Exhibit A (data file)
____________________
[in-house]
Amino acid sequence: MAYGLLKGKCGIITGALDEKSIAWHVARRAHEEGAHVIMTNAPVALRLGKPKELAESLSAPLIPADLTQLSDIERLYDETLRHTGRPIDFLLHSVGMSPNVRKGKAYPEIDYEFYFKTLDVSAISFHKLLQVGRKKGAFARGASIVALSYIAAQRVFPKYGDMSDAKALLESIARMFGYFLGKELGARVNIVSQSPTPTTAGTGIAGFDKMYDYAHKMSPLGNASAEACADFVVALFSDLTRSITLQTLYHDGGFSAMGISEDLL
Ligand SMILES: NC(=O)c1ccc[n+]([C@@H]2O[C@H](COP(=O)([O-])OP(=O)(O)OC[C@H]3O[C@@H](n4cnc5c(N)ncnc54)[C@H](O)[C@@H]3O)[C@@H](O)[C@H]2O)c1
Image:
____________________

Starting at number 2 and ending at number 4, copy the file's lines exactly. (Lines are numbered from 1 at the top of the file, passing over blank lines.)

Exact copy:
Amino acid sequence: MAYGLLKGKCGIITGALDEKSIAWHVARRAHEEGAHVIMTNAPVALRLGKPKELAESLSAPLIPADLTQLSDIERLYDETLRHTGRPIDFLLHSVGMSPNVRKGKAYPEIDYEFYFKTLDVSAISFHKLLQVGRKKGAFARGASIVALSYIAAQRVFPKYGDMSDAKALLESIARMFGYFLGKELGARVNIVSQSPTPTTAGTGIAGFDKMYDYAHKMSPLGNASAEACADFVVALFSDLTRSITLQTLYHDGGFSAMGISEDLL
Ligand SMILES: NC(=O)c1ccc[n+]([C@@H]2O[C@H](COP(=O)([O-])OP(=O)(O)OC[C@H]3O[C@@H](n4cnc5c(N)ncnc54)[C@H](O)[C@@H]3O)[C@@H](O)[C@H]2O)c1
Image: